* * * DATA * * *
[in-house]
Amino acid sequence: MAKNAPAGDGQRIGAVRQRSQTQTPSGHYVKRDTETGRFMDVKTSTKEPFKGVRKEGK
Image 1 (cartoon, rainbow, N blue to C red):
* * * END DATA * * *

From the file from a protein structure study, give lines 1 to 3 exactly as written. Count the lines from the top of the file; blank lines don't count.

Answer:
[in-house]
Amino acid sequence: MAKNAPAGDGQRIGAVRQRSQTQTPSGHYVKRDTETGRFMDVKTSTKEPFKGVRKEGK
Image 1 (cartoon, rainbow, N blue to C red):